A Classical Career While digging at the Athenian Agora Excavation in Greece this summer, Allison Schuster '19 indulged her passion for archaeology and classics.
Allison Schuster ’19
Hometown: State College, Pennsylvania
What is the Athenian Agora Excavations program?
The American School of Classical Studies at Athens has been excavating the area of the Ancient Agora since 1931. The excavation team of professors, graduate students, undergrads and other classical archaeologists working on the excavations have been able to excavate nearly every public building known to have been in the Ancient Agora. There are three other W&L students at the same program: Skylar Prichard ’19, Emily Cleveland ’19, and Ariana Jepsen ’19.
Tell us more about what an archaeological dig site looks like.
The site of the Athenian Agora is located directly in the center of Athens, just off the northwest slope of the Acropolis. The dig is comprised of four trenches through which the diggers rotate every two weeks, and all of the trenches are working in different time periods from Byzantine house ruins to Neolithic tombs. Excavations in my current trench are focused on uncovering the Ποικίλη Στοά (“Painted Stoa”), a public building of the 5th Century BCE. Other excavations this season include Mycenaean burials, the northern portion of the Panathenaic Way, and a late Roman mansion; these ruins span over two millennia.
How did you find out about this program and why did you get involved in it?
Professor Michael Laughy in the Classics and Archaeology departments has been involved in the Athenian Agora dig for over 20 years. He first introduced the idea to me and encouraged me to apply, so I definitely would not be here today if not for him! I’m super lucky to have found a place that gives me the opportunity to hone skills in both archaeology and classics, and put my knowledge of Ancient Greek to use in a way that I wouldn’t have been able to find anywhere else.
What does an average day look like for you?
5:45 a.m.: Wake up!
7 a.m.: The local church bell rings, I’m already in the trench ready to dig.
11 a.m.: Lunch bell rings, spring out of the trench to the Stoa of Attalos to grab my lunch and sit outside to eat for about 20 minutes. Back in the trench by the 11:30 a.m. bell.
1 p.m.: Water break; if we’ve found an inscription, the trench supervisors provide ice cream!
2 p.m.: When the 2 o’clock bell rings, work is done! We typically go for gelato, a walk around the city, or to a lecture on pottery, sculpture, epigraphy, osteology, etc.
The rest of the afternoon is free for the diggers. Usually that means home to rest before thinking about expending any more energy. Occasionally, we all get together for pizza, drinks and socializing.
What has been your favorite experience so far living in Athens?
Getting to travel to all of the ancient sites around Greece has been super cool, but visiting U.S. Ambassador Geoffrey Pyatt’s house for a pool party was also so fun.
Has it been challenging in any way?
The biggest challenge has been adjusting to life in Athens; no city I’ve been to can really compare to the lifestyle and politics here. The unrest among citizens and the general hatred for their government has been really eye-opening for me. Once, when walking out of the metro station, I was consumed by a large crowd protesting the Macedonia name change. As the protesters were tear-gassed to prevent ascent upon the Parliament Building, I was caught in the crowd and tear-gassed. It really makes you realize how much we take political stability for granted in the United States.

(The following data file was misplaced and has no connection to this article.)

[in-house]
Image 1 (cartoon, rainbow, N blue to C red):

How has this experience related to your larger professional or personal goals?
As a classicist and archaeologist, this is truly the best place to spend the summer. Working with the amazing classicists has helped me explore some of my options post-W&L. Being part of the most well-renowned classical archaeology dig has certainly opened doors to other excavation work or classics pursuits in the future.
Has your work this summer impacted your future plans in any way?
I’ve become aware of many more options that I have for the future, and it’s comforting to have a group of dedicated classicists and archaeologists to tell me about their experiences and advice. I feel more informed and prepared to apply to graduate programs, and have built a network of classicists to call upon anytime.
How did W&L prepare you for this experience?
The Classics Department at W&L gave me the opportunity to become part of such an exciting and well-renowned program. Without the help and guidance of Professor Laughy, I wouldn’t be able to be here in Athens. His classes in Ancient Greek, Greek Art and Archaeology, and others have prepared me for this program.
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More about Allison
What extracurricular activities do you do?
Cheerleading, Rho Gamma, LIFE, FYOC
Why did you choose your major?
I’ve wanted to study classics since I was in high school, and the Classics Department at W&L has cultivated my passion to an extent that I could never have dreamed. Moreover, along the way I was introduced to archaeology and discovered my passion for it.
Has anyone on campus inspired you?
As I mentioned earlier, Professor Laughy; he truly has been the best. I don’t think I could have discovered my own potential so much without his help. I’m so thankful for the time and effort he has put into my scholarly career, and I am so inspired by his work in classics and archaeology.
Favorite place to eat in Lexington? What do you order?
Southern Inn; anything on the brunch menu!
What do you wish you’d known before you came to campus?
Freshman year doesn’t define your college experience!
Favorite W&L memory:
Cheering at the homecoming football game during Young Alumni Weekend
The Trojan War with Professor Laughy (I’m clearly a groupie)!
Favorite W&L event:
MockCon — so, so much fun!
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